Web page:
All of that is what led some to the conclusion that Howard was acting not on principle but on behalf of Roberts, his favored candidate. That theory was bolstered when Roberts reneged on conceding the race and stopped short of denouncing Howard's legal challenge.
However, another more nefarious plot had Roberts playing into the hands of Murphy and his supporters, who some suggest have quietly instigated the legal challenges while simultaneously supporting a full vote count. In that scenario, Murphy supporters, namely the San Diego Republican Party, which endorsed Murphy, and downtown business interests with ties to the Chamber of Commerce and the San Diego County Taxpayers Association were not so quietly beating the bushes for a lawyer or independent party willing to launch a legal challenge.
Indeed, attendees reported that last Monday's regular monthly meeting of the Republican Central Committee (RCC), which Murphy attended, was abuzz with talk of ways to thwart a Frye victory. And earlier in the week, both RCC President Ron Nehring and Doug Sain, a lobbyist representing various business interests, were said to have called around to several players looking for support. Contacted by CityBeat, both Nehring and Sain deny making those calls or prompting anyone to take action.
"Nobody who has filed a suit has done so at my urging, and the party has endorsed Mayor Murphy, who has publicly attacked the suits that are currently in the courts," says Nehring, adding that the Republican Party can't be held responsible for the actions of individual Republicans.
But somebody was busy trying to drum up support, and phones were ringing around town.
"I was contacted very early and declined," says Mike McDade, a partner in Sullivan, Wertz, McDade and Wallace and chief of staff to former Mayor Roger Hedgecock. McDade declined to identify who called but categorized the caller as an outraged citizen from outside the respective campaigns.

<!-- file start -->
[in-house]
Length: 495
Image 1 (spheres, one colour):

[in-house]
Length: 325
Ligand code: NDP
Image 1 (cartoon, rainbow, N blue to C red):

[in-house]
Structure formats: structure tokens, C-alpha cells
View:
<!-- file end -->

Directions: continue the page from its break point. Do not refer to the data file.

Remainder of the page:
Restaurateur Dan Shea also received a call. "I was called by an attorney-not involved-who asked me if I would consider funding the cost of a lawsuit, and my answer was no," Shea told CityBeat.
Both the Roberts and Murphy campaigns have kept their distance from the legal proceedings, and Murphy's campaign treasurer, April Boling, says there may be practical reasons for doing so.
"If they're not involved and not coordinating, then regardless of whether some legal authority would say that the suit is or isn't political campaign activity, they would be OK," she says. "The safest place for them to be legally is completely independent and separate from those [suits]."
Translation: with most attorneys' hourly rates exceeding the maximum $250 per individual campaign contribution, the law would make it difficult for candidates to coordinate with lawyers like Howard even if they wanted to.
Valuable insight, but Boling herself has been the subject of a great deal of post-election conjecture. As the treasurer of the Coalition to Keep San Diego Working, a political action committee known as KEEP PAC that funded nasty anti-Frye mailers just days before the election, some have claimed that she may have engaged in a little questionable coordination of her own.
City Hall watchdogs Mel Shapiro and Ian Trowbridge have focused their collective powers on KEEP PAC, and last week Trowbridge filed a complaint with the city's Ethics Commission accusing Boling and the PAC's director, Ron Zappardino, of at least four campaign-finance violations.